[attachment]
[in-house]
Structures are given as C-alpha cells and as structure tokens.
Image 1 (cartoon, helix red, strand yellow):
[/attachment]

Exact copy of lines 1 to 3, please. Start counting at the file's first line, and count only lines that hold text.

[in-house]
Structures are given as C-alpha cells and as structure tokens.
Image 1 (cartoon, helix red, strand yellow):